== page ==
ANSWERS TO REVIEW QUESTIONS
prepared by Rabbi Eliezer Chrysler
Kollel Iyun Hadaf, Jerusalem
Previous dafEruvin 3
ERUVIN 3 - dedicated to the memory of Sarah Dvosya bas Rav
Mordechai (Feldman) of Milwaukee by her children.
(a) The 'Chamesh Amaltera'os shel Milah' - were five rows of decorative
beams (cornices - made of gall-apple wood) which stretched across the top of
(b) If, as Rav explains, the Rabbanan learn the maximum height of the Pesach
of a Mavoy from the Heichal - then, considering that the Heichal had
Amaltera'os at the height of twenty Amos, why does Rav himself permit a
Koreh even when it is *above* twenty Amos, if it has an Amaltera.
(c) True, the Mishnah in Midos (which describes the Amaltera'os in the Beis
Hamikdash), is talking about the Ulam - but we can assume that the
Amaltera'os in the Heichal were formed in the same way as those of the Ulam.
(d) Even a Koreh which is too weak to hold a brick is Kasher for a Mavuy -
if it is at least four Tefachim wide.
(a) Rav points out that the question in 1b, even without his explanation
(giving the Rabbanan's source as being the height of the entrance to the
Heichal), we have here a contradiction between two Beraisos - the one
(quoted earlier on 2b) which gives the Rabbanan's source as being the height
of the entrance of the Heichal, the other, which permits a Mavoy with an
Amaltera, even if it is higher than twenty Amos (implying that they do not
learn from the entrance of the Heichal). So we have a Machlokes Tana'im, and
Rav will hold like the first Beraisa.
(b) According to Rav Nachman bar Yitzchak, the Beraisa mentions the Heichal
in connection with the Rabbanan's opinion of a Mavuy that is higher than
twenty Amos - not because it is a source, but purely as a Si'man. In fact,
they do not learn from the Heichal at all.
(c) According to Rav Nachman bar Yitzchak, a Mavoy that is higher than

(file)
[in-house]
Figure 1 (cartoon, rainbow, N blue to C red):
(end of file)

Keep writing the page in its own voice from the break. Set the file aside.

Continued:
twenty Amos is Pasul - because the purpose that a Koreh serves is that of a
Heker (as Rashi explains in our Mishnah), and a Koreh that is placed higher
than twenty Amos is not immediately recognizable (just like a Sucah,
according to Rabah). That also explains why a Koreh with an Amaltera is
Kasher even when it is higher than twenty Amos - since it is striking and
therefore noticeable at a glance.
(d) Had they confined their argument to Sucah, we would have said that Rebbi
Yehudah validates a Sucah that is higher than twenty Amos, because a Sucah
is meant for *sitting* in, and one will therefore notice it more quickly
than a Koreh in a Mavoy, which is meant for *walking through* - so maybe
there he will agree with the Rabbanan. If, on the other hand, they had only
argued by a Mavoy, we would have said that the Rabbanan only invalidate a
Mavoy that is higher than twenty Amos, because it is meant for walking
through, whereas a Sucah, which is meant for sitting in, perhaps they will
agree with Rebbi Yehudah, who renders it Kasher.
(a) Patterned birds'-nests are more striking (and more costly) than long
cedar poles. Consequently, those who explain Amaltera to mean *cedar poles*
would certainly agree that if the Koreh was patterned with *birds'-nests*,
it would certainly be Kasher even above twenty Amos. But according to those
who explain Amaltera to mean *birds'-nests*, if the beam was patterned with
long *cedar poles*, it would not be Kasher if it was higher than twenty
(b) 'Kalush' - means that we simply consider the top layer (that is above
twenty Amos) as if it is was removed. The problem with saying Kalush by a
Sucah - is that, if we imagine the top layer to be removed, then the Sucah
will be Pasul, because there will be more sun than shade. But then, the
Mavuy will be Pasul too -because it will be too light to withstand a regular
wind (which is why a Koreh that is too weak to hold a brick, is Pasul).
(c) The Gemara overcomes this problem - by pointing out that when we say
'Kalush', we are not really taking away anything, but only considering *as
if* it was removed (in order to be Machshir the Sucah and the Mavuy).
Consequently, we do not need to consider there to be more sun than shade,
nor that the Koreh might blow away.
(a) The other reason to be more lenient by a Mavoy than by a Sucah (with
regard to a Sucah and a Mavoy which begin within twenty, but end above
twenty, Amos), is because, whereas a Sucah is private property, and there is
no-one to remind the owner should the lower section of Sechach wear thin, a
Mavoy is public property, and one person will remind the other to remedy the
situation, should the bottom of the beam rot and drop off.
(b) The second reason to be more stringent by a Mavuy than by a Sucah - is
because, whereas the owner of the Sucah will notice when the lower section
of the Sechach wears thin, and will rectify it, by a Mavuy, we do say this.
Why not? Because of the principle (that we always apply by public property)